China’s tech hub of Shenzhen is going to fork out fat orders worth tens of billions of yuan to shore up the business of Huawei and ZTE, which are both based in the city, as the municipal government aims to build up to 7,000 5G base stations and peripheral equipment across the city by the end of the third quarter.

Shenzhen is knitting an ultra-fast wireless next-generation network that is ready for a city-wide rollout by the end of the year, according to local papers.

Enterprises based in the tech hub are expected to launch 5G terminal chips in the first half of this year, Xinhua quoted officials with the city’s industry and information technology bureau as saying.

Shenzhen aims to further lead the global charge into the 5G era and those who want an early glimpse of what 5G can offer may come to Shenzhen to see for themselves, the report said.

A bird’s eye view of Huawei’s corporate headquarters in Shenzen. Photo: WeChat

Shenzhen’s drive, reportedly in partnership with the state-owned telecommunications infrastructure company China Tower, will further help Huawei secure a stable flow of orders and maintenance contracts in the years to come, as the Chinese tech giant is being locked out in parts of the West given a US-led blanket ban on their gear, as many of the US’s allies are closing their ears to Beijing’s call for fair market access.

That said, Huawei insists its global 5G business is booming, and that it has 40 5G contracts with overseas carriers – 23 in Europe, 10 from the Middle East, six from Asia and one from Africa.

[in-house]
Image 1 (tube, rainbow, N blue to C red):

But additional orders from its home city are always heartening.

Also, in late January, Guangzhou’s Baiyun Airport launched a 5G base station and an indoor 5G network has been up and running in Shanghai’s Hongqiao Railway Station. Both places use Huawei’s devices.

Last month, however, the Financial Times reported that Huawei had no 5G contracts from mainland China, as Beijing hit the brake and scaled back its roll-out of the new technology.

“Until today, only one commercial contract for 5G is from the Greater China Region, and that’s in Hong Kong,” said Yang Chaobin, president of Huawei’s 5G product line.

Annual results from the country’s biggest telecoms carrier, China Mobile, show its planned capital expenditure on 5G – 17.2 billion yuan (US$2.6 billion) – is half the level that analysts had forecast.

Meanwhile, the newspaper said a delay of a key 5G standard – relating to 5G for consumer and other basic uses – has put a spanner in the supply chain. The standard was only promulgated in March.

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